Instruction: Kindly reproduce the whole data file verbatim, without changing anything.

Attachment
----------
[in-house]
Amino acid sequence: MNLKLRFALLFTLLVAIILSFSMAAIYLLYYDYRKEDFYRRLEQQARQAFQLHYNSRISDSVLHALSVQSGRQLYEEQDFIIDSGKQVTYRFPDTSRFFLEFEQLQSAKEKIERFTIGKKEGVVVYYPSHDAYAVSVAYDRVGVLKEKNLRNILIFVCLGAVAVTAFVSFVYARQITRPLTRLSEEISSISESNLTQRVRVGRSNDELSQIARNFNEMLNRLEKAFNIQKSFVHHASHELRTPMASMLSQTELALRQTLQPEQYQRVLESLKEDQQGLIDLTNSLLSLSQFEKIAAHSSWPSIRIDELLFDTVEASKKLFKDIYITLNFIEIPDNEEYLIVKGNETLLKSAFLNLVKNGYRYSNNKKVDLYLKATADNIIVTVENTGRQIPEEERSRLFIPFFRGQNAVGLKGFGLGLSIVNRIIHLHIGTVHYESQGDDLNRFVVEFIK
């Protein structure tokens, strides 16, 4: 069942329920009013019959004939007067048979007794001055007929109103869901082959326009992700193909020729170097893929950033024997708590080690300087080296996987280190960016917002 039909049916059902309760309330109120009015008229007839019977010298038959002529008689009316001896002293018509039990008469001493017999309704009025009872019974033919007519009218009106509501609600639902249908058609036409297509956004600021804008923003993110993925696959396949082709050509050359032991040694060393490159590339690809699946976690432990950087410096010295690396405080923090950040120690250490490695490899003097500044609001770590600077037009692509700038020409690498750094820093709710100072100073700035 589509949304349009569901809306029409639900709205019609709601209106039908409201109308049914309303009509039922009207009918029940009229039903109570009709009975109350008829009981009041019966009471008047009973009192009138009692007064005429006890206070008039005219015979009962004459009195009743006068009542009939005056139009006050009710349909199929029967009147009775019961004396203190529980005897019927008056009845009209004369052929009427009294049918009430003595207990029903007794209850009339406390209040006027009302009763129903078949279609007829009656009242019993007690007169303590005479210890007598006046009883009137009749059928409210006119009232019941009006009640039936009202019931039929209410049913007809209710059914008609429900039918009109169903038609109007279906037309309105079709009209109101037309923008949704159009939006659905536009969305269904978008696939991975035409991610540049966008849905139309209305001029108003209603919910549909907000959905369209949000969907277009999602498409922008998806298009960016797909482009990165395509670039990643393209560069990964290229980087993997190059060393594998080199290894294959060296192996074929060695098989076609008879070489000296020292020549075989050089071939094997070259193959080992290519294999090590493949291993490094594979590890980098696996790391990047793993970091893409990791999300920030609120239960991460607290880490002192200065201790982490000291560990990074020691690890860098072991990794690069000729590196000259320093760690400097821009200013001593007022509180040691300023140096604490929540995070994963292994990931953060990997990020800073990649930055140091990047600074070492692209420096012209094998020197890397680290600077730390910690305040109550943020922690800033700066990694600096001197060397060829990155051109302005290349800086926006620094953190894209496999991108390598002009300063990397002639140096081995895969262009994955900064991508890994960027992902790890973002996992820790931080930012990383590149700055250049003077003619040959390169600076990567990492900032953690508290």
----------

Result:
[in-house]
Amino acid sequence: MNLKLRFALLFTLLVAIILSFSMAAIYLLYYDYRKEDFYRRLEQQARQAFQLHYNSRISDSVLHALSVQSGRQLYEEQDFIIDSGKQVTYRFPDTSRFFLEFEQLQSAKEKIERFTIGKKEGVVVYYPSHDAYAVSVAYDRVGVLKEKNLRNILIFVCLGAVAVTAFVSFVYARQITRPLTRLSEEISSISESNLTQRVRVGRSNDELSQIARNFNEMLNRLEKAFNIQKSFVHHASHELRTPMASMLSQTELALRQTLQPEQYQRVLESLKEDQQGLIDLTNSLLSLSQFEKIAAHSSWPSIRIDELLFDTVEASKKLFKDIYITLNFIEIPDNEEYLIVKGNETLLKSAFLNLVKNGYRYSNNKKVDLYLKATADNIIVTVENTGRQIPEEERSRLFIPFFRGQNAVGLKGFGLGLSIVNRIIHLHIGTVHYESQGDDLNRFVVEFIK
């Protein structure tokens, strides 16, 4: 069942329920009013019959004939007067048979007794001055007929109103869901082959326009992700193909020729170097893929950033024997708590080690300087080296996987280190960016917002 039909049916059902309760309330109120009015008229007839019977010298038959002529008689009316001896002293018509039990008469001493017999309704009025009872019974033919007519009218009106509501609600639902249908058609036409297509956004600021804008923003993110993925696959396949082709050509050359032991040694060393490159590339690809699946976690432990950087410096010295690396405080923090950040120690250490490695490899003097500044609001770590600077037009692509700038020409690498750094820093709710100072100073700035 589509949304349009569901809306029409639900709205019609709601209106039908409201109308049914309303009509039922009207009918029940009229039903109570009709009975109350008829009981009041019966009471008047009973009192009138009692007064005429006890206070008039005219015979009962004459009195009743006068009542009939005056139009006050009710349909199929029967009147009775019961004396203190529980005897019927008056009845009209004369052929009427009294049918009430003595207990029903007794209850009339406390209040006027009302009763129903078949279609007829009656009242019993007690007169303590005479210890007598006046009883009137009749059928409210006119009232019941009006009640039936009202019931039929209410049913007809209710059914008609429900039918009109169903038609109007279906037309309105079709009209109101037309923008949704159009939006659905536009969305269904978008696939991975035409991610540049966008849905139309209305001029108003209603919910549909907000959905369209949000969907277009999602498409922008998806298009960016797909482009990165395509670039990643393209560069990964290229980087993997190059060393594998080199290894294959060296192996074929060695098989076609008879070489000296020292020549075989050089071939094997070259193959080992290519294999090590493949291993490094594979590890980098696996790391990047793993970091893409990791999300920030609120239960991460607290880490002192200065201790982490000291560990990074020691690890860098072991990794690069000729590196000259320093760690400097821009200013001593007022509180040691300023140096604490929540995070994963292994990931953060990997990020800073990649930055140091990047600074070492692209420096012209094998020197890397680290600077730390910690305040109550943020922690800033700066990694600096001197060397060829990155051109302005290349800086926006620094953190894209496999991108390598002009300063990397002639140096081995895969262009994955900064991508890994960027992902790890973002996992820790931080930012990383590149700055250049003077003619040959390169600076990567990492900032953690508290």